And then you have the other attractive feature of endocrinology. Our diseases — diabetes, in particular — have long natural histories. The treatments provided improve the outcome, only to have a setback at some future visit as a few more islet cells get clipped off or the insulin I gave them generated more adipose. You don’t think a hyperparathyroid patient needs a parathyroidectomy, but at the next visit — they do. As you taper the methimazole on consecutive visits the hyperthyroidism gets more severe and it is time for radioiodine ablation. These evolution times are often longer than an entire internal medicine residency so it is really the office practitioner who makes important assessments at serial points in time.
In their wisdom, the executives decided endocrinology here was not the best use of resources, but the patients who need treatment will still exist and need attention someplace else. Fortunately, there is a camaraderie among members of our specialty, friendships that have been made, and no colleague that I have called has declared him or herself too backed up to absorb some of my cohort.
Modern medical care has mushroomed far beyond patient contact, even though that is all that generates our fees. There are signatures to be written, lab reports to be acted upon, residents to be mentored, phone calls to return, meetings to attend. But for the last two months, it has been decisions of what to do with the patients that has dominated my focus. And that may be what separates the MD or DO from the person at network headquarters who has to look at data and directives but never gets forced to consider the consequences to the people.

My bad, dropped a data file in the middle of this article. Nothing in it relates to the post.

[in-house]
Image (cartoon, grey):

Of course, people ask what I plan to do once I’ve truly driven off that exit ramp. Life as a physician has never really deprived me of my personal pursuits. I already have raised a family, visited most of the places I want to visit and probably could upgrade my angling skills a little. There is retirement, coming at the right time for me, planned in advance and pursued, but there is also repurposing. If you are a doctor long enough you think like a doctor, analytical problem solving mostly. And while most of us have upgraded the lives of countless individuals, including me I think, few of us have made medical care better. For the most part, many of us have watched the professional stature of the physician deteriorate inexorably from that ecstatic day when our first medical school acceptance letter arrived. These are the challenges to be pursued, exposing if not correcting, becoming a muckraker when needed, imagining what should be and at least asking why not?
Exit ramps either take you to completion of a journey or they direct you to a destination not yet arrived. Retirement will put the patients aside, put the quest for financial comfort that is already ample aside, but never end an indelible medical imprint.
Richard Plotzker is an endocrinologist who blogs at Consult Maven.